A Guide to Hosting a Disciplinary Hearing
A disciplinary code is vital in enforcing rules and procedures within the workplace. When these rules and procedures are not followed the company can apply progressive discipline (warnings) or in cases of severe misconduct proceed directly to a disciplinary hearing.
Why must a disciplinary hearing be held?
A disciplinary hearing must be held to ensure that a fair procedure is followed as well as to ensure that there is substantive reason for the employee to be dismissed. It is also of the utmost importance that an employee must be given the opportunity to present his case and to call witnesses.
The full proceedings must be recorded in writing. Needless to say, this is not negotiable. If the proceedings are not reduced to writing, your whole case ends up on the compost heap. The minutes must be as complete and as detailed as possible. Further:
The complainant and the respondent are entitled to a copy of the minutes
The minutes may be tape-recorded provided there is no objection from either party
The respondent (accused) is not entitled to legal representation at the Disciplinary Hearing unless the employer agrees to it. The respondent is entitled to representation only by a fellow worker from his/her place of work
In a typical hearing the following persons should be present:
The respondent (accused)
Interpreter if required.
The Chairman could save time by recording the following details in advance of the commencement of proceedings:
The date, time and venue of the hearing
The names of the participants
The role each is to play
Record receipt of a copy of the Notice of Disciplinary Hearing
Record that the charges are correctly framed and brought
The Chairman should introduce himself. The Chairman must explain his role in the proceedings:
“My name is ………………and I am the Chairman (if you like, Chairlady or Chairperson) of this Disciplinary Hearing. I have been appointed in writing by the complainant to act as Chairman in this matter and should any person wish to examine my written appointment, I have it available for such inspection.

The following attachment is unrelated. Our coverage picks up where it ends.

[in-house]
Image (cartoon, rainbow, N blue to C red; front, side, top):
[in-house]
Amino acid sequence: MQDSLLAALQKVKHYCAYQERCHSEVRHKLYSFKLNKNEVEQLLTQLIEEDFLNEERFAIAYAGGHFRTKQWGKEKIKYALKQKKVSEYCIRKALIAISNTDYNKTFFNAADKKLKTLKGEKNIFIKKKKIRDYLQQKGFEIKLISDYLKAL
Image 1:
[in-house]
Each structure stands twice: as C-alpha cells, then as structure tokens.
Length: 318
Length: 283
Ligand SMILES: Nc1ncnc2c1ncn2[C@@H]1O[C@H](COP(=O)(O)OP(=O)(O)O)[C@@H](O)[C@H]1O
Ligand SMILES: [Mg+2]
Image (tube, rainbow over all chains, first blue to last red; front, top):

My function is to keep the meeting in good order, to conduct the meeting in an orderly manner and to ensure that there is no anger or swearing or other insulting behavior or language. At the outset, I would like to make it clear that abuse and insults will not be tolerated and any such that does occur will result in the perpetrator being ordered out of the room.”
“I will listen to all the evidence, and at the end of the meeting we will adjourn to enable me to have the minutes typed and to study the evidence. Based on the evidence placed before me, I will make a finding as to whether the respondent is guilty or not guilty. The hearing will then be reconvened and I will give the respondent another opportunity to submit any mitigating or extenuating circumstances or evidence not already submitted.
I will consider any such evidence, and then deliver my verdict and the sanction to be applied. Should the verdict not be in favour of the respondent, then the respondent has the right to lodge written notice of appeal within 7 days of the final hearing, stating the reasons on which the appeal is based. The appeal hearing will be held under a different Chairman, and a verdict delivered after that hearing.
Should the respondent still not be satisfied, then he/she has the right to refer to matter to a disputeresolution center for further attention.”
Lastly, the Chairman states: “The record must show that I have no prior knowledge of this case and I have no knowledge of the outcome of any prior investigations that may have been conducted by the complainant in this matter..”
The Chairman must then introduce the participants to each other, stating the role of each in the proceedings.
The an interpreter may not also be a witness for the defense, nor for the prosecution. The Chairman must ask: is the interpreter also a witness for the accused or for the complainant? If the answer is yes to either one or both, then the interpreter must be excused and another interpreter appointed. The duty of the interpreter is just that – to interpret only. He/she is not permitted to take part in the discussion in any way other than to interpret.
The Chairman can then proceed with the Hearing.
For further information please visit the South African Labour Guide or click here